- Chevy; Tesla; Business Insider/Yu Han
I’ll say it upfront: if you’re looking for a good electric car, the Chevy Bolt is not a bad option.
For $37,500, the Bolt offers a solid range of 238 miles on a single charge. That’s impressive, especially considering that Tesla’s Model 3 is only expected to have a range of 215 miles per charge.
But there’s more to consider than just range, especially when the mileage difference is fairly small. Here are the advantages of waiting for the Model 3:
Let’s give credit where credit is due: General Motors beat Tesla to the punch with rolling out an affordable, electric car. The $37,500 Chevy Bolt will hit dealerships before the end of 2016.
That’s $37,500 before federal tax credits.
The Tesla Model 3, meanwhile, isn’t slated to become available until the end of 2017 or early 2018.
- YouTube/Motor Trend
It’s worth keeping in mind, though, that Tesla CEO Elon Musk isn’t exactly known for keeping deadlines. The Model X was delayed by three years, and a Wall Street Journal article points out that Tesla has failed to meet over 20 of its projections in the last five years.
Whether Tesla’s Fremont, California factory plant can handle Model 3 demand has yet to be seen.
So if it’s important for you to get a solid, affordable electric car as soon as possible, the Chevy Bolt isn’t a bad option.
The Chevy Bolt currently has one of the best ranges of affordable electric cars on the market, beating out cars like the Nissan LEAF. (Keep in mind that pricier electric cars like Tesla’s Model X and Model S still beat the Chevy Bolt when it comes to range.)
The Bolt also has some pretty impressive tech features, including its fully digital rearview mirror and its wireless charging console. It also has a number of safety features including collision alert, rear cross traffic alert, blind zone warning, and front pedestrian braking.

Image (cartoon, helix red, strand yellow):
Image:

The Bolt can go from 0 to 60 mph in under 7 seconds. That’s a solid spec compared to other electric cars on the market. The Model 3, however, does edge that out with an acceleration time of less than 6 seconds.
But if I have around $40,000 to burn on an electric car, I’m still waiting for the Model 3. There’s a few reasons for this. First, when you really consider it, the range difference is negligible.
- YouTube/Motor Trend
If you mainly use your car to commute, you’re maybe getting an extra day or two before needing to re-charge with the Chevy Bolt. If you want to go on any long trips, there’s really no difference at all in regards to where you would need to stop.
It would be one thing if it were the difference between 300 miles and 215 miles, but that extra 23-mile bump by the Bolt won’t have any meaningful impact on your everyday driving life.
It’s also worth noting that when Musk unveiled the car in March, he said Tesla aims to exceed the initial range of 215 miles. Considering Tesla is known to roll out a version of the car with several battery options, it’s likely the Model 3 will inch closer to the Chevy Bolt’s range, and with it the tiny price difference between the two cars will close.
So if range and price pretty much factor each other out, what makes the Model 3 better? For one, there’s the tech.
Like the Chevy Bolt, the Model 3 comes standard with blind spot warning and automatic braking.
But with the Model 3, you can pay more to get Autopilot convenience features including automatic parallel parking, automatic lane change, and the ability to summon you car remotely from a parking space.
The price of that upgrade hasn’t been released, but it seems safe to assume it would cost the standard extra $3,000 it costs to activate in the Model S and Model X.
So if the Model 3 costs $35,000, and you choose to tack on $3,000 for the suite of semi-autonomous tech, you’re looking at an overall price of $38,000. That’s just $500 more than the $37,500 Chevy Bolt before federal tax credits, and you’re getting a suite of semi-autonomous tech you simply can’t get in the Bolt.
There’s also something to be said about buying into the Tesla brand and knowing your car will get new features overtime with software updates.
Then there’s the design of the car. Like the Bolt, the Model 3 can fit five people, but the Model 3 is simply a sexier car. Just look at it!
Overall, the range difference is not enough to sell me on the Chevy Bolt. If you’re looking to get an EV right now, the Bolt is a good option. But you’ll likely get more for your money if you wait for Tesla’s Model 3.
- Chevrolet; Tesla; Business Insider/ Yu Han